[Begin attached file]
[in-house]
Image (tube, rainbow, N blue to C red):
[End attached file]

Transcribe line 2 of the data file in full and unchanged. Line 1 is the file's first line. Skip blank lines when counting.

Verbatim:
Image (tube, rainbow, N blue to C red):